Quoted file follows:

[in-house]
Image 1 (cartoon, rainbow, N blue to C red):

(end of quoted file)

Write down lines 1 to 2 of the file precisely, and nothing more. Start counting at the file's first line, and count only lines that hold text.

[in-house]
Image 1 (cartoon, rainbow, N blue to C red):